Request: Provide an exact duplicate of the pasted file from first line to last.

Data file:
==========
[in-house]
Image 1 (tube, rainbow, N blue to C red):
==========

[in-house]
Image 1 (tube, rainbow, N blue to C red):